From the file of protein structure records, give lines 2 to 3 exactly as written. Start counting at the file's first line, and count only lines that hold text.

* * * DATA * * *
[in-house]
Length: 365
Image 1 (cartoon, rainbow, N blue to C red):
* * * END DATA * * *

Length: 365
Image 1 (cartoon, rainbow, N blue to C red):